We all love to get close to nature and encourage our children to plant seeds and grow flowers. We want them to get their hands dirty and feel the texture of the soil, but have you ever wondered where the compost that we buy from the garden centre comes from? Very few people look at the label. For a start, the information is on the back and the bags are heavy and slippy.
Why is Peat so precious?
Most compost contains a large proportion of peat, typically 50%. The peat has taken thousands of years to build up from decomposing vegetation in certain parts of Britain. It is easy to dig out with large cutting machines, so it is cheap to produce.
However, if the peat can be left in the ground, it stores billions of tons of carbon in a safe place where it can do no harm. Peat bogs are disappearing fast. When it is used in our gardens, it releases the carbon into the atmosphere which is driving climate change.
Peat also slows down rain runoff and prevents flooding further downstream which is even more relevant as we experience more unpredictable weather (see below).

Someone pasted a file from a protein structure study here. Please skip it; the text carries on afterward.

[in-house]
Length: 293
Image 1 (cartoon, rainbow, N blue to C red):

How can we stop peat being dug up?
The Government has asked the producers of compost to make it from either garden waste, wood fibre or coconut husks, and to leave the peat in the ground. The manufacturers have been reluctant to change their ways because ‘peat free compost’ is more expensive and gardeners will not buy it. Now the Government has announced that it will be changing the law and are going to penalise the garden centres if they do not stop selling peat.
A suggestion for you
Take a look at the information on the back of your favourite compost. Next time you buy compost, you should check it out and select a peat free compost so that you can help to save the Planet – available at Yeadons Hardware store in Boston Spa (and all other responsible retailers).
See also our campaign to Say No to Peat.